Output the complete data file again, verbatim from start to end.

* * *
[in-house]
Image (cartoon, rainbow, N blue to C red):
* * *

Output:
[in-house]
Image (cartoon, rainbow, N blue to C red):